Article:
To me, the humor is more satire than camp, because it’s about the horror of women’s lives. Camp as I understand it focuses on sending up surface spectacle as a kind of joke, whereas the opulent settings and mannered dialogue in my novel are not so much camp as they are in the tradition of fairy tales and the Gothic.
There is a passage towards the end of the novel where its omniscient narrator, perhaps yourself, speaks directly to the reader, combatting any frustrations or dismissiveness they may feel towards Judith’s behaviour or thoughts throughout the novel. You write: “as for the readers who believe that Judith brought the tragedy on herself by coddling the monster, what type of behaviour would have stopped him?” Why did you feel this was important to clarify before concluding the novel?
When I was reading the end, I was very frustrated with Judith’s actions. But then I thought, it’s horrible that I’m blaming her. Look what happened to Constance, and she behaved the opposite way. What happened to Judith wasn’t her fault! And then I wrote my thoughts down and put them in the book. The whole ending actually came out that way—me reasoning with myself, feeling sad about what happened, trying to process it. It was a way to share my grief with the reader because Judith is based on someone I know—this is more or less her story, greatly exaggerated with Gothic trappings. Also, the book as a whole goes back and forth from a more formal Gothic writing style to a more personal confessional style, and I wanted to end with the personal rather than either the Gothic or just straight plot.
The book has been out for a few weeks now and you are in the midst of Bluebeard’s Castle’s US Tour. What has the response been like so far from those, especially the women, who have read it?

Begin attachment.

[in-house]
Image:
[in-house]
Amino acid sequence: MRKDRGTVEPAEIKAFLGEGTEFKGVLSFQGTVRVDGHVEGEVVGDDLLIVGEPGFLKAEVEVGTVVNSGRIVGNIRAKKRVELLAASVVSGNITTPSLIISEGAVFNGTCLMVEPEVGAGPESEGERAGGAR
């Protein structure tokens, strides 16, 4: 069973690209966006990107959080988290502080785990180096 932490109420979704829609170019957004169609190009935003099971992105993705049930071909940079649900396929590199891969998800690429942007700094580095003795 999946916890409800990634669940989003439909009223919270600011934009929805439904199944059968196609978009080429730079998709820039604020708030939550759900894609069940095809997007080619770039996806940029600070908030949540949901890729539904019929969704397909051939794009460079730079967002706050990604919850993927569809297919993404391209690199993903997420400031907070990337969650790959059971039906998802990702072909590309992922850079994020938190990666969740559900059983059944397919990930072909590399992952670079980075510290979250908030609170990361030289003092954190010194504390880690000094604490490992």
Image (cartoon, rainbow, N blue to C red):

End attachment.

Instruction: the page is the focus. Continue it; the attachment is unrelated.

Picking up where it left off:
The book has been very polarising. One woman told me the book changed her life, and that it was the catalyst for her to finally leave her abusive husband. Several other women told me similar things—that they related to it, that it was healing or cathartic, that it shed light on their abusive love relationships or childhoods. Other women think it’s unrealistic, or that Judith is stupid and weak, and they despise her. Some people have said it’s very well-written, like the Brontës or Mary Shelley, and some had said it’s like “Wattpad fiction.” Some literary fiction readers scoff at the romance aspects of it, comparing it to modern trashy romance novels, and some romance readers, mainly younger ones, are triggered and angered by the violence. But about half of the readers who have left reviews adore it without reserve in the spirit I intended. Men seem to enjoy it more as a crime story without the emotional baggage.
I also adored the book’s dedication to your cats, Jacques and Claudius, “your feline loves”. Judith also expresses an exceptional adoration for cats, at one point wondering, “why can’t a man be more like a cat”. Please tell us more about your cats!
Jacques is a handsome tuxedo and Claudius is a large half-Maine Coon tabby. They are the loves of my life! They are both very sweet, but they’ve been having a feud so right now they’re separated. Claudius loves to take baths and eat plastic, and Jacques loves to watch movies and snuggle. My heart was broken by the passing of my last cat Brutus, a very handsome and loving long-haired tuxedo cat, so the grief scene with Romeo was based on him.
Finally, it is mentioned at the end of the book that you are currently working on your next film, “a ghost movie set in medieval England”. What can you tell us about it? How is it going?
It’s called The Face of Horror, and it’s based on an old Japanese ghost story. We’re casting it right now, and I’m working with a British producer whom I absolutely adore. If all goes well, we plan to shoot it next summer.